(CBS/AP) NEWARK, N.J. - An illegal immigrant worked undetected at Newark Liberty International Airport for 20 years, and used a dead man's identity to acquire a top position in airport security, officials said.
The man was known to co-workers as Jerry Thomas, and for nearly 20 years he has guarded some of the most secure areas of one of the nation's busiest airports.
He was arrested Monday after authorities discovered he is really an illegal Nigerian immigrant by the name of Bimbo Olumuyiwa Oyewole (among other alilases) who entered the country in 1989, officials said.
CBS Station WCBS reports Oyewole, 54, allegedly assumed the identity of a dead man to get a top security job at the airport. He was arrested at his Elizabeth, N.J., home following an anonymous tip, officials said.
"In this case, the defendant utilized an elaborate and complex scheme of identity theft to defraud his employer, the State of New Jersey, the federal government and the Port Authority," Port Authority of New York and New Jersey Inspector General Robert Van Etten said.
The revelation came the same day that the Inspector General's Office of the Transportation Security Administration released a report saying that TSA officials at Newark Liberty took corrective actions in fewer than half (42 percent) of the security breaches shown in its records.
The OIG also said TSA does not have a comprehensive oversight program in order to collate information on security breaches and, consequently, cannot monitor trends or make improvements to security.
WCBS correspondent Marcia Kramer reports that Oyewole somehow obtained the birth certificate and Social Security number of a man murdered in Queens in 1992. He used that identity to obtain a New Jersey driver's license, a state security guard license, airport identification and even credit cards, officials said.
"Jerry Thomas" worked security at Newark, and had access to the tarmac and passenger planes without ever being detected, officials said. At the time of his arrest he supervised 30 other guards, Kramer reported.
Authorities want to know how he got the ID made and whether he was involved in the man's death. The NYPD is checking his fingerprints to see if they match those at the scene of the still-unsolved murder.
Authorities are also investigating if the Nigerian, who used the alias "Bimbo" among others, was involved in criminal activity at the airport.
The Port Authority of New York and New Jersey, which operates the area's main airports and other transit hubs, said Oyewole entered the United States illegally in 1989 and had worked under several contractors at the airport, most recently FJC Security Services. The agency said its investigation found no indication that he used the fake identity for any reason other than to live in the United States.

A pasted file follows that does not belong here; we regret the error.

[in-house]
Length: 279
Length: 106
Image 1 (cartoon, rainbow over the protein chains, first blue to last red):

Agency spokesman Steve Coleman said the Port Authority had spoken with FJC officials about re-checking their security personnel on a regular basis.
FJC Security, which obtained an airport contract in 2003, said it conducted a background check on the guard, as had New Jersey State Police and U.S. Customs and Border Protection, and that in all cases Oyewole had passed the background checks. "During his time with FJC, he had nothing in his record or his performance to indicate a cause for concern or a reason to question the state police and federal government's background checks," said FJC spokesman Michael McKeon.
State Police spokesman Lt. Stephen Jones said New Jersey requires security guards to undergo training under the Security Officer Registration Act (SORA) and be fingerprinted. The fingerprints are run through the state police criminal history database before a guard is certified.
A candidate is disqualified if he or she has a conviction for a fourth-degree offense or higher or a drug offense of any level, Jones said. Oyewole - as Thomas - was certified under SORA, he said.
In a statement, the TSA said it was reviewing the Port Authority's procedures for validating employee and contractor documents, and noted that Oyewole's identification documents were presented to the Port Authority for verification "about a decade before TSA existed."
Highly-placed sources told WCBS' Marcia Kramer that their biggest concern is the ID scam itself. They fear there could be thousands who could have used it and some they say may be sleeper terror agents working at critical locations throughout the country.
Passengers were stunned.
"It's unbelievable," traveler Christine Phillips of Greenwood Lake, N.Y., told WCBS correspondent Hazel Sanchez. "They need to use fingerprints. They need to use eye retinas. We need to get into the space age and update our programs because these things aren't working."